"We do go out, we go out often, we fight against them and their way of doing their fight has changed," Marc van Uhm, the commander of Dutch forces in the province, said.
The insulting charge of avoiding the fight has been made by critics of the so-called "Dutch model," which stresses the "three Ds" of defence, development and diplomacy.
But the tactics -- which Van Uhm said he would rather describe as the "Uruzgan model" because other foreign forces including the Australians were involved -- have mostly won international respect.
NATO's International Security Assistance Force (ISAF) is itself adopting the Uruzgan scheme, the general said.
"The strategy now is not about killing Taliban anymore, it's about protecting the people and we protect the people with a three-D integrated approach."
The Dutch civil representative in Task Force Uruzgan, Michel Rentenaar, who was present at the interview, played down the Dutch role, saying other nations were working along similar lines, though he added: "We may be a little ahead of the curve."
"Let's face it, anybody who can read a history book knows we are not going to win this militarily only.
"If you can take away the grip the Taliban has on the population by giving people a little bit of hope for the future by bringing some development, then you've probably won the fight without a shot."
The general said most fighters grouped under the name Taliban were "young guys who don't have a job and the Taliban pays them to fight for them.
"They are not ideological, they are just fighting us to get money. If we were able to provide them jobs, enable them to make a living another way, they don't have to fight."
Reflecting a similar view, Karzai's office said Sunday the president would announce a new plan to make peace with insurgents, offering them economic incentives to stop fighting.
Karzai intended to announce the plan before a conference with Afghanistan's international backers in London on January 28, his spokesman Waheed Omar told reporters.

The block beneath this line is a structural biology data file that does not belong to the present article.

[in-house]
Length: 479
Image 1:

Rentenaar, a veteran diplomat who has served in several hotspots including Iraq, said the Taliban had already lost their grip in some areas where troops had secured zones and pushed them to the outskirts.
This is known as an "ink spot" approach, in which key areas are secured first and development projects put in place after negotiations with local leaders.
The "ink spots" are then linked to create one large Taliban-free zone.
Neither the general nor Rentenaar would comment directly on the political wrangling in The Hague over the future of Dutch troops in Afghanistan.
Rentenaar said that while the Dutch government had announced it would no longer be the lead nation in Uruzgan as of August 1, it was still in the process of deciding what form, if any, its involvement would take.
"All options are still on the table. It is very clear that the Netherlands government has said it has multi-annual commitments to development in Uruzgan and so we are not leaving in that sense," he said.
The Netherlands has a total of 2,100 troops in Afghanistan, with 1,500 in Uruzgan.
NATO and the United States have 113,000 troops in the country, with another 40,000 being deployed over the course of this year.